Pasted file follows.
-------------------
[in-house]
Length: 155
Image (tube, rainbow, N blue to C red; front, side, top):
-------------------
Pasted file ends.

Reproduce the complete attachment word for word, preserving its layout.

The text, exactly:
[in-house]
Length: 155
Image (tube, rainbow, N blue to C red; front, side, top):